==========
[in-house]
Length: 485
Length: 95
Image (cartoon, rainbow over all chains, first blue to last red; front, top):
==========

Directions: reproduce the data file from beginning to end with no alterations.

[in-house]
Length: 485
Length: 95
Image (cartoon, rainbow over all chains, first blue to last red; front, top):